The same day President Trump vowed to end the “visa lottery” and “chain migration,” Attorney General Jeff Sessions said the men who committed the two New York terrorist attacks last fall were in the United States “as a result of failed immigration policies.” As Sessions explained, the “20-year-old son of the sister of a U.S. citizen should not get priority to come to this country ahead of someone who is high-skilled, well educated, has learned English, and is likely to assimilate and flourish here.”
President Trump pointed out that the United States “must fix its lax immigration system, which allows far too many dangerous, inadequately vetted people” into our country. Trump was elected president in large part because Americans applauded the strength of his commitment to put Americans first and protect our borders against politically correct notions of multiculturalism and diversity.
Congressman Steve King recently echoed an observation made by the prime minister of Hungary that diversity can lead to a lower quality of life, not a higher one. What is needed is not diversity as much as assimilation, in order to remain a secure and prosperous nation.
“Assimilation has become a dirty word to the multiculturalist Left,” King wisely observed. “Assimilation, not diversity, is our American strength."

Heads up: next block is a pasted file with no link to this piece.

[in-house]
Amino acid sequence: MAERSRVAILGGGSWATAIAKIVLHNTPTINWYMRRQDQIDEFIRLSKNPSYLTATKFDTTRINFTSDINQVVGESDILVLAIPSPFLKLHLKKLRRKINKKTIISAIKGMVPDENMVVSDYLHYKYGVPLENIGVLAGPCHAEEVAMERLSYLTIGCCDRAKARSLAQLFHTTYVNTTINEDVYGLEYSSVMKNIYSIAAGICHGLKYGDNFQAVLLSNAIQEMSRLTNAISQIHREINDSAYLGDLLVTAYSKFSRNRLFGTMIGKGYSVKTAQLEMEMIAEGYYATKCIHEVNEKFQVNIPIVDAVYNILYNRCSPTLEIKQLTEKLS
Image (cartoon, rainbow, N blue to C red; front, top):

Supporters of diversity insist that recent immigrant terrorists became radicalized after they arrived in the United States. Even if true, that’s all the more reason to oppose such immigrants because they are not assimilating themselves into our society, and instead are trying to destroy it.
One of the first executive orders by President Trump was to issue his so-called travel ban to restrict immigration from certain countries associated with terrorism. Liberals then filed multiple lawsuits to block his Executive Order from going into effect.
In December the Supreme Court ruled that the President’s modified travel ban could be enforced while it is challenged in lower courts. It took nearly all of 2017 for the courts to allow the ban the President first issued back in January, but better late than never.